According to James’ mother, he was a perfect child (of course he was!). But I see pictures of a quiet, withdrawn little boy who was very, very thin, rarely ate, and rarely had expression on his face.
I look at our two families, with their laundry lists of labels… and I realize… my children didn’t stand a chance.
This was all triggered today, when Diary of a Mom had a beautifully-written, hysterical, touching post– and it drove me crazy, because there are only 11 items on the list. That lack of symmetry is something I immediately noticed. I love her post- but I could never have never written it because I would have stopped at 10- or kept on going to 12.
I recognize that my daughter’s tantrums when things are out of order… comes naturally.
I recognize that my daughter’s lining things up according to her own pattern… comes naturally.
I recognize that my son’s intense hatred of getting his picture taken… comes naturally (When I’m prepared, I’m a bit of a ham, but I hate the surprise element- and there is that same brooding look in my husband’s childhood photos).
I recognize that my son’s intense relationship with music… comes naturally.
I realize that my children’s desperate need to know what comes next and to plan for it… comes naturally.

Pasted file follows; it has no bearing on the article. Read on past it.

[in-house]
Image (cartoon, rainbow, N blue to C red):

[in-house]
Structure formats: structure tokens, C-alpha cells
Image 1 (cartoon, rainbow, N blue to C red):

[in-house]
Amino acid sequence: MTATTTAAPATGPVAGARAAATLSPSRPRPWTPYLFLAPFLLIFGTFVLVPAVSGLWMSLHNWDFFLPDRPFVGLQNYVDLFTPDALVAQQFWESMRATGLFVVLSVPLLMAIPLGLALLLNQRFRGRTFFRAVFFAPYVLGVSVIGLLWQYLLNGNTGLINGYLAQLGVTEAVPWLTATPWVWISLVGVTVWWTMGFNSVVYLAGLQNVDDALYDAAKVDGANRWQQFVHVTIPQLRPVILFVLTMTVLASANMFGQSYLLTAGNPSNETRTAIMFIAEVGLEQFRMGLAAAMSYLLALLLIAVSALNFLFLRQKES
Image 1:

I’m not saying that my husband and I have autism. We’re both bright people… with quirks. Quirks that might have needed attention 40-45 years ago, but by the grace of God, a couple of amazing mothers, and the right contexts, became… manageable. Quirks that we’ve learned to work with; to work around; to ignore. Quirks that got strengthened when our genetic material got combined. Quirks that got focused. Some quirks that are just… us, and some quirks that became a problem.
Quirks, that when combined with language problems and blood chemistry issues and triggered by whatever is in our modern world, became autism and Tourette’s and giftedness and twice-exceptionality and all of those wonderful labels that define what services and doctors our children see, but do not quite define them. Genetics plus environmental triggers- pretty much explains most of human development. The apples do not fall far from the trees, but they do form their own shapes.
I asked her, and Elizabeth can’t make a list of 11 things either….